Cordelia Jacobs knew her grandchild better than anybody. She saw the fight in Danny Jacobs before it matured and began to look as if it had value.
“I was probably the worst baby you could possibly have,’’ said Danny, who at 23 isn’t a child anymore, yet retains potential that is as golden as ever. “I was doing everything. Running into walls, knocking everything down.’’
Grandma Jacobs is gone. She died Sunday, within a week of her grandson’s first shot at a major title, the World Boxing Organization’s middleweight championship, this Saturday night against Dmitry Pirog at Mandalay Bay. Danny was there, at her bedside in New York before leaving for Vegas.
“There are people in life you can’t live without,’’ said Jacobs, who will fight for the vacant WBO title in a HBO pay-per-view bout on the undercard of the Juan Diaz-Juan Manuel Marquez rematch. “She was that person to me.
“I took it hard. I sat there and watched her pass. I was in the hospital and witnessed everything. I get emotional just talking about it. But I know I have to be strong at the same time.’’
Strong is what his grandmother would expect. He and his mom, Cordelius, raised him in Brooklyn after his parents separated when he was a toddler. Grandma Jacobs was not a boxing fan. She couldn’t be, Danny said, because of her faith. She was a Jehovah’s Witness.
“She couldn’t support boxing, but she supported me,’’ Jacobs said of a grandma who taught him to believe in the person more than the profession.
The unbeaten Jacobs (20-0, 17 KOs) said his grandmother did not attend his fights.
“To actually go there is something she just couldn’t do,’’ he said. “She’d see me fight on TV, but never in person. Then, she’d only watch the fight after it’s done. So, she already knew that I’d won. Then, she would only watch the first round, probably because that might have been when I was at my best.’’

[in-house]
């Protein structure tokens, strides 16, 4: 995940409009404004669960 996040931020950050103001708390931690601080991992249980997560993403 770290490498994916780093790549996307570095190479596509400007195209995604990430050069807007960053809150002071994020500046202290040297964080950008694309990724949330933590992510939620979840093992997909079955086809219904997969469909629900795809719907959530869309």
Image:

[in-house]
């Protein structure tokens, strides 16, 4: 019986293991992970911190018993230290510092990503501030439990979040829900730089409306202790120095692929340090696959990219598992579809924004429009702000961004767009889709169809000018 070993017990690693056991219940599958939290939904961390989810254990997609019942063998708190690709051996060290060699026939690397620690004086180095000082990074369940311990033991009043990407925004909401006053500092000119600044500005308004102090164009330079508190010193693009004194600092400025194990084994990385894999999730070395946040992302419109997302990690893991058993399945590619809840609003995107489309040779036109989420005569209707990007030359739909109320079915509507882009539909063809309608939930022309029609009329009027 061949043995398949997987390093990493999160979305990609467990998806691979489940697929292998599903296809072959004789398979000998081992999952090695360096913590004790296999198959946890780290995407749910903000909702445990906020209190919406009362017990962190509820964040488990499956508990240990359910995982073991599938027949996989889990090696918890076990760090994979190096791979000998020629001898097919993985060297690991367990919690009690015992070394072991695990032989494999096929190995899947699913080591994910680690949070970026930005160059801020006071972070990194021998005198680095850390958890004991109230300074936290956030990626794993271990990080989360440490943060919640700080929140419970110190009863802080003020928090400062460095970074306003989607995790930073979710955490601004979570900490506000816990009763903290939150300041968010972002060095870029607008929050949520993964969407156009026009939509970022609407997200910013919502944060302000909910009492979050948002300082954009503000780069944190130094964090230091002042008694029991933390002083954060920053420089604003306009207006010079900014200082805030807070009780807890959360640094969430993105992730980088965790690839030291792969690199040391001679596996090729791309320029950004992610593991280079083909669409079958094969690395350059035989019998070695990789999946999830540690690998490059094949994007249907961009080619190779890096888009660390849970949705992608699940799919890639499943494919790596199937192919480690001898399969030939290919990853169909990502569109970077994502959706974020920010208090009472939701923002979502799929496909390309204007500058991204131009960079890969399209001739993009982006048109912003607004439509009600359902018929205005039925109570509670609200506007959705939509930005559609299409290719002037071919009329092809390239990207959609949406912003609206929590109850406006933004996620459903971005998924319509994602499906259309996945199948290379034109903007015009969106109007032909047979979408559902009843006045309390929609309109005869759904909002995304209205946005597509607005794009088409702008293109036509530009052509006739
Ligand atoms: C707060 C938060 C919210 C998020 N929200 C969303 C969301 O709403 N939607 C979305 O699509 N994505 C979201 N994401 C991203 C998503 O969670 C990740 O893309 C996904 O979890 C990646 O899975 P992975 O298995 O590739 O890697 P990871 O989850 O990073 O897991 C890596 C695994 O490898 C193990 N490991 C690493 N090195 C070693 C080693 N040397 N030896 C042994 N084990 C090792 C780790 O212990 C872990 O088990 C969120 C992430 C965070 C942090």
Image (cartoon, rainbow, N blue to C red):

But, Jacobs said, she always would tell him not to skip any part of his daily workout. Call her Grandma Trainer.
“Her advice to me was always: ‘Make sure you do your sit-ups, so when they hit you in the stomach you won’t cry,’ ‘’ he said.
Jacobs joked that he has been working harder than ever to strengthen his abdominals for his first scheduled 12-rounder against Pirog, an unknown Russian and also unbeaten (16-0, 13 KOs).
In remembering his beloved grandmother, her lessons will always be with him. He has dedicated Saturday’s fight to her. Her nickname, Lady Bird, will be stitched onto his trunks.
A few hours after the fight, he will take the red-eye home. The funeral is scheduled for Sunday in New York.
He plans to celebrate Saturday night. He knows he will mourn Sunday. He will have to be strong to do both. But without Grandma’s lessons, a Baby Maniac would never have become The Golden Child.
· Despite eight options, an octopus in the Shark Reef aquarium at Mandalay Bay had the same pick as everybody else. The eight-armed octopus picked Marquez over Diaz Thursday in a promotion borrowed from the World Cup. Two boxes, each with a prawn inside, were lowered into a tank. Marquez’ name was on one box. Diaz was on the other. In a quick TKO, the octopus immediately attacked the Marquez box.
· Marquez’ victory, a ninth-round stoppage of Diaz last year, was voted the 2009 Fight of the Year by the Boxing Writers Association of America. “I think this fight will be better than the first one,’’ Marquez said.
· Boxing’s international reach was evident Thursday at a news conference. Jorge Linares, who faces Rocky Juarez of Houston, is a Venezuelan lightweight who has been living in Japan for the last several years. Linares has a Japanese trainer, Sendai Tanaka. Tanaka is bi-lingual, but that doesn’t include English. He spoke to the media in Spanish, which was translated into English by Golden Boy matchmaker Eric Gomez, who would have been in trouble if Tanaka had spoken Japanese.